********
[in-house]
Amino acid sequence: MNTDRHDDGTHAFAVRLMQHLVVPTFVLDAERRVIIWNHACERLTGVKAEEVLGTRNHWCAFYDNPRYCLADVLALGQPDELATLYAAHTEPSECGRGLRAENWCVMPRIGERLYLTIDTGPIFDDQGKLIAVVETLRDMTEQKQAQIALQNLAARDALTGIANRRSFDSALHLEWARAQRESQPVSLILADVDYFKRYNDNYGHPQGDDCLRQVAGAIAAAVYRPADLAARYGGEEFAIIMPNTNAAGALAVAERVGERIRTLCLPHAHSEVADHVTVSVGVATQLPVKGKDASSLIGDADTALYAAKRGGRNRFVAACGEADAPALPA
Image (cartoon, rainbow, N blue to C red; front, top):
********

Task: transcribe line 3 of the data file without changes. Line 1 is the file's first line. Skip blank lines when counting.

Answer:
Image (cartoon, rainbow, N blue to C red; front, top):